five months

This is probably the most bittersweet moment of my exchange so far. I am officially halfway through my time here. The days are going to go by so quickly now, and before I know it, I will be going back home.

This past month has been a time of great change and growth. I switched host families right after Christmas and before the new year. I now live with people that I do not know very well. I have two very young host brothers. It takes me nearly an hour to get to school each morning. There are added challenges to adjusting to different people and trying to continue on with the normal ebb and flow of life. I have learned a lot about being patient and finding the positives in things this month (I know I say that every month but still…)

I have done so many presentations this month it’s uncanny. I have spent multiple (possibly a dozen?) hours standing in front of people and telling them about where I’m from. The topics of presentations tend to be broad, the U.S. political system and American literature being two examples. This past Friday I spent four hours talking about myself and where I’m from in an elementary school. People seem to enjoy these which I find particularly interesting. At the elementary school, I took pictures with the kids after each presentation and one girl said “I touched an American!”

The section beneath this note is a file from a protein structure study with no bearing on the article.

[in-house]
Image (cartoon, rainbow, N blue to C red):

Last weekend I went to a city called Třebíč with Rotary. It was a very relaxed weekend and I had a blast with all of my exchange friends. I am fairly comfortable with my results on my language test this time around. I think I have made a lot of progress with Czech. Although I am not anywhere close to fluent I know that I have learned a ton since I have been here.

This past language test is the last one before we find out who gets to go on EuroTour. I really hope that I get to go, as I have raised nearly all of the money for the trip (actually it looks like I have raised all of it as long as the exchange rate stays in my favor!!!) I am super excited about getting this experience as long as everything works out.

One of the things that I noticed while in Třebíč is that everyone seems to be adjusting greatly to the changing of host families. It is a massive adjustment, and it can be a hard one to make for some people. I will change families again around the end of March, and it will again be a time when I will have to exercise great amounts of patience. Yet I think all exchange students will tell you that things will get better over time.

This month has really been a turning point in not feeling so obviously foreign here. I’ve been able to communicate with people in Czech at the post office and the train station and other places. All of those interactions ended with everyone getting what they needed. When I think about returning home I get really weirded out. Living with my mom instead of a Czech family seems odd. Going back to my high school is bizarre. Not seeing my friends here every day makes me very sad. I don’t look forward to leaving. I’d much rather my family move over here and hang out with me.